There’s lots to be worried about in the Church of England. Numbers are declining, those that still remain are resistant to change that might bring in newcomers and the leadership seems increasingly deaf to the voices of the grassroots. Bishop Alan Wilson in a blog earlier this week wrote that the Church of England needed to be rebooted, to rethink its place in English society.
Andrew Brown, responding to that essay, elaborates on the problems and challenges facing the church but also some of the signs of hope.
He quotes in particular Jessica Martin, a “former English don at Cambridge” who is now the vicar of a small rural congregation:
“The problem, she says, is finding ways of reaching half-believers. “The cultural assumptions of the people under 40 who I meet are just totally different, and the habits of being that the church both assumes and inculcates are new. When people are confirmed as adults, a lot of them have problems with penitence; they say: ‘But I have always been a good person!'”
Yet the church remains attractive in her villages partly for reasons that have nothing to do with theology, she says: “I encounter quite often in the people who do flirt with church a quite explicit desire for physical community: an anxious sense that people need to get together and do stuff in the same place and time.””
After listing additional significant challenges facing the CoE, Brown returns to more signs of hopefulness found in a study published today of the growth in cathedral attendance over the past years. In particular he writes:
[T]here are unmistakeable signs of growth in the roots. Parts of the church have adapted. Although the long-term trend has been downwards for 50 years, over the past decade attendance has been flat, and has been growing in cathedrals and in London.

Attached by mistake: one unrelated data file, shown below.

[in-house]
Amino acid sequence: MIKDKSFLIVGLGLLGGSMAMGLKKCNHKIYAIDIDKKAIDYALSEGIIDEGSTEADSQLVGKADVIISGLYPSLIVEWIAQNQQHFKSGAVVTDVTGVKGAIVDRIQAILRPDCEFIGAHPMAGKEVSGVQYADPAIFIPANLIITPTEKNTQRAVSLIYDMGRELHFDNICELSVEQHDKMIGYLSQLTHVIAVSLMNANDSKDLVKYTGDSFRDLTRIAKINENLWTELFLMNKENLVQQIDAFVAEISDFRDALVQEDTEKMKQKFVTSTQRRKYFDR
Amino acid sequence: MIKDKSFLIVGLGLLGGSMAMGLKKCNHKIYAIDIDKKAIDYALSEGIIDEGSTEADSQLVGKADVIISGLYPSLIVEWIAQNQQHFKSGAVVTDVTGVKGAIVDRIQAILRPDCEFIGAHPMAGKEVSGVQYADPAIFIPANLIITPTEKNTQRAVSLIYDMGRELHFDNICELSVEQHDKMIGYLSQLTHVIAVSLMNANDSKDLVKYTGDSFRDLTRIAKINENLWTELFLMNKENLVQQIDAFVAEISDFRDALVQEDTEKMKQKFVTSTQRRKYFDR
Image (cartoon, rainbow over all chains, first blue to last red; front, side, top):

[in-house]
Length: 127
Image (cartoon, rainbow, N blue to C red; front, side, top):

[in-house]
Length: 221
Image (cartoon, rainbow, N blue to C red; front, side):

Pete Wilcox is the dean of Lichfield cathedral, and will move shortly to Welby’s old job as dean of Liverpool. Last summer, the cathedral mounted an exhibition of an Anglo-Saxon gold hoard found outside the city, which dated from the first Christianisation of Mercia, in the eighth century, along with two of its own relics of St Chad, who led that missionary effort. It was fantastically successful, but it didn’t seem Christian at first: “For three weeks we ran absolutely full capacity. We could barely have crowbarred in a single visitor. But they came quite explicitly to see this exhibition. We had exhibited the gold alongside our own artefacts and the chronology enabled us to communicate.”
The visitors, as they left, were handed prayer cards. They could light a candle, and leave a request for prayer. The cathedral was astonished by the response to these. Apparently secular visitors filled out two or three times the normal volume of cards: “What we had for the three Sundays of the exhibition was an overflowing wicker basket, too many for us to read them all out. They were entirely the work of people who hadn’t come with any spiritual purpose in mind.”
Much of what is written in the article above applies to the Episcopal Church as well. And there are similar signs of hope amidst the concerns.